One of the greatest values provided by CRM is that they help to bring together islands of data that exist within each department, branch and employee within a company. This is particularly the case with modern CRM systems, many of which have been expanded to include more departments and to link more easily with other systems. There’s a reason software providers are moving in this direction: Granting each employee access to the collective knowledge of the whole company empowers each person to be better at what they do.
Here are just a few examples of how a well-integrated CRM system can have change your company for the better:
It effortlessly enhances customer service. Requiring your service team to record a few key pieces of data during each visit and giving your sales team access to that information can give your sales reps an edge. Imagine how empowering it would be for sales reps to be able to say “I can see that one of our service team members will be in the area today to work on X. Would you like me to have them stop by and drop off some information?” or “It looks like our service person was out there last week on a repair. Did you get everything you needed on that?” Bridging service team and sales team data becomes even more powerful when you train your service people to ask sales-related questions.
It allows you to capitalize on competitors’ mistakes. Information from the service team can be used to uncover opportunities for increasing your share of wallet when your competitors slip up. You can train your service team to ask leading questions and uncover information a salesperson typically can’t because of the service team’s greater exposure and perceived trustworthiness. When both your inside and outside sales reps have access to detailed information from the service team on customer challenges, they’ll have the inside track when it comes to offering better customer solutions.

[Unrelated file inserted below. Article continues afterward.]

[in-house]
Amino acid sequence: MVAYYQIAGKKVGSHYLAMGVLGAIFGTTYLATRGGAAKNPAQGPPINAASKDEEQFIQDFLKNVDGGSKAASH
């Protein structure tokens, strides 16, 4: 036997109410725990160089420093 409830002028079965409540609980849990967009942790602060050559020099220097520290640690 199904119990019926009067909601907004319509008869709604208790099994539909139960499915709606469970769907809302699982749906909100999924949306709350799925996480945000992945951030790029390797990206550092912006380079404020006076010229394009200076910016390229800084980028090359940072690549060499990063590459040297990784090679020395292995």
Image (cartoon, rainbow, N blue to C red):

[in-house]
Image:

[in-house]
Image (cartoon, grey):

It helps you make the most of manufacturer visits. If you set up your CRM to track product codes associated with the complaints and comments received by service and sales teams, you can share this information with manufacturers during visits. And you can focus your discussions on the most promising areas of opportunity based on the profiles and buying behaviors of your best customers.
It makes onboarding easier. Sometimes the gaps between islands of data in your organization won’t be between departments or branches, but between individual sales reps. One distributor I worked with told me that before they implemented a modern CRM system, vital territory information was often handed down to new reps via outdated and hard-to-read handwritten lists. When new reps have the sales and service history of their target accounts within easy reach, they can hit the ground running.
Part 1 of this two-part series explores another element of CRM that can provide significant ROI: report automation. Did you miss it? Read about automation here.